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Virus classification Edit this classification
(unranked): Virus
Family: Bicaudaviridae
Genus: Bicaudavirus
  • Acidianus two-tailed virus

Bicaudaviridae is a family of hyperthermophilic archaeal viruses. Members of the genus Acidianus serve as natural hosts. There is only one genus, Bicaudavirus, and one species, Acidianus two-tailed virus, in this family.[1][2][3] However, Sulfolobus tengchongensis spindle-shaped viruses 1 and 2 (STSV1 and STSV2) are regarded to belong to this family also.[4]


Genome organization of Acidianus two-tailed virus showing location, sizes and transcriptional direction of the putative genes

Viruses in Bicaudaviridae are non-enveloped, with lemon-shaped geometries. Genomes are circular dsDNA molecules of around 48–76 kb in length. High-resolution structure was determined by cryo-EM for Sulfolobus monocaudavirus 1 (SMV1) and a lower-resolution structure was determined for Acidianus two-tailed virus (ATV).[5] Virions of both viruses have helical symmetry, with continuous 7-start helices, composed of the single major capsid protein, forming both the tails and the spindle-shaped body. The major capsid protein structure and virion organization of bicaudaviruses are similar to those of archaeal viruses from the families Fuselloviridae, Thaspiviridae, Halspiviridae and Clavaviridae.[5]

Genus Structure Symmetry Capsid Genomic arrangement Genomic segmentation
Bicaudavirus Lemon-shaped Helical (C7) Non-enveloped Circular Monopartite

Life cycle[edit]

Electron micrographs of different forms of Acidianus two-tailed virus

Viral replication is cytoplasmic. Entry into the host cell is achieved by attachment of the viral proteins to host receptors. DNA-templated transcription is the method of transcription. Diverse species of hyperthermophilic archaea from the order Sulfolobales serve as the natural hosts. Transmission routes are passive diffusion.[2] It has been demonstrated that certain members of the family, namely, STSV2 and Sulfolobus monocaudavirus 1 (SMV1), induce cell gigantism by blocking the expression of the cell division genes and arresting the cell cycle in the S phase.[6] The diameter of infected cells increases up to 20 times, resulting in 8,000-fold increase in volume compared to noninfected cells.[6]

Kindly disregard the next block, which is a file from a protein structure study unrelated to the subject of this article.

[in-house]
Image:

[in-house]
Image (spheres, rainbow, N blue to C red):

Genus Host details Tissue tropism Entry details Release details Replication site Assembly site Transmission
Bicaudavirus Archea: acidianus None Injection Budding Cytoplasm Cytoplasm Passive diffusion


This family was first described by the team led by D. Prangishvili in 2005.[7][8]

The name is derived from the Latin word 'bi' and 'cauda' meaning 'two-tail'.


  1. ^ Prangishvili, D; Krupovic, M; ICTV Report Consortium (7 June 2018). "ICTV Virus Taxonomy Profile: Bicaudaviridae". The Journal of General Virology. 99 (7): 864–865. doi:10.1099/jgv.0.001106. PMID 29877786.
  2. ^ a b "Viral Zone". ExPASy. Retrieved 12 June 2015.
  3. ^ "ICTV Report Bicaudaviridae".
  4. ^ Krupovic, M; Quemin, ER; Bamford, DH; Forterre, P; Prangishvili, D (2014). "Unification of the globally distributed spindle-shaped viruses of the Archaea". Journal of Virology. 88 (4): 2354–8. doi:10.1128/JVI.02941-13. PMC 3911535. PMID 24335300.
  5. ^ a b Wang, F; Cvirkaite-Krupovic, V; Vos, M; Beltran, LC; Kreutzberger, MAB; Winter, JM; Su, Z; Liu, J; Schouten, S; Krupovic, M; Egelman, EH (2022). "Spindle-shaped archaeal viruses evolved from rod-shaped ancestors to package a larger genome". Cell. 185 (8): 1297–1307.e11. doi:10.1016/j.cell.2022.02.019. PMC 9018610. PMID 35325592.
  6. ^ a b Liu, J; Cvirkaite-Krupovic, V; Baquero, DP; Yang, Y; Zhang, Q; Shen, Y; Krupovic, M (2021). "Virus-induced cell gigantism and asymmetric cell division in archaea". Proceedings of the National Academy of Sciences of the United States of America. 118 (15): e2022578118. Bibcode:2021PNAS..11822578L. doi:10.1073/pnas.2022578118. PMC 8054024. PMID 33782110.
  7. ^ Häring M, Vestergaard G, Rachel R, Chen L, Garrett RA and Prangishvili D (2005) Independent virus development outside a host. Nature 436, 1101–1102
  8. ^ Prangishvili, D., Vestergaard G, Häring M, Aramayo R, Basta T, Rachel R and Garrett RA (2006) Structural and genomic properties of the hyperthermophilic archaeal virus ATV with an extracellular stage of the reproductive cycle. J. Mol. Biol. 359, 1203–1216

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